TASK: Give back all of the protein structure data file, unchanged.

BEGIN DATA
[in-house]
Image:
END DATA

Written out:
[in-house]
Image: